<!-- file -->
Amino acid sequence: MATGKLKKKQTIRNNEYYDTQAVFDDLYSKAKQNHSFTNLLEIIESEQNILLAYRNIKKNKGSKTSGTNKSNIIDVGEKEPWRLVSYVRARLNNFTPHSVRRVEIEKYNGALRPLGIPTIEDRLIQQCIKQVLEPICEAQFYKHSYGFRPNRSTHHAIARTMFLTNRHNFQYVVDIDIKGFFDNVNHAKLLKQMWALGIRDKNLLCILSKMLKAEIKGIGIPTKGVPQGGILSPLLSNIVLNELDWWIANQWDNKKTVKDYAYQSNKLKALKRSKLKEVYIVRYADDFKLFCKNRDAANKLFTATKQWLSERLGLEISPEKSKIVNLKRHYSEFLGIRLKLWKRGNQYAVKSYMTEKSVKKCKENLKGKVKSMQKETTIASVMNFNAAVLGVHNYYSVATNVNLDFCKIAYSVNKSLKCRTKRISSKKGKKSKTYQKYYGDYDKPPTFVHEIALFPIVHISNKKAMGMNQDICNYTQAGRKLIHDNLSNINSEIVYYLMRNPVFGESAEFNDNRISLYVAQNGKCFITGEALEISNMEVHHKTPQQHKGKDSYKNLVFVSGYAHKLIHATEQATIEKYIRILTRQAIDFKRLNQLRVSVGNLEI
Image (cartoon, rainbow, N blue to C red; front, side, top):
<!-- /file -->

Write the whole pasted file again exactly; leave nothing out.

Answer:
Amino acid sequence: MATGKLKKKQTIRNNEYYDTQAVFDDLYSKAKQNHSFTNLLEIIESEQNILLAYRNIKKNKGSKTSGTNKSNIIDVGEKEPWRLVSYVRARLNNFTPHSVRRVEIEKYNGALRPLGIPTIEDRLIQQCIKQVLEPICEAQFYKHSYGFRPNRSTHHAIARTMFLTNRHNFQYVVDIDIKGFFDNVNHAKLLKQMWALGIRDKNLLCILSKMLKAEIKGIGIPTKGVPQGGILSPLLSNIVLNELDWWIANQWDNKKTVKDYAYQSNKLKALKRSKLKEVYIVRYADDFKLFCKNRDAANKLFTATKQWLSERLGLEISPEKSKIVNLKRHYSEFLGIRLKLWKRGNQYAVKSYMTEKSVKKCKENLKGKVKSMQKETTIASVMNFNAAVLGVHNYYSVATNVNLDFCKIAYSVNKSLKCRTKRISSKKGKKSKTYQKYYGDYDKPPTFVHEIALFPIVHISNKKAMGMNQDICNYTQAGRKLIHDNLSNINSEIVYYLMRNPVFGESAEFNDNRISLYVAQNGKCFITGEALEISNMEVHHKTPQQHKGKDSYKNLVFVSGYAHKLIHATEQATIEKYIRILTRQAIDFKRLNQLRVSVGNLEI
Image (cartoon, rainbow, N blue to C red; front, side, top):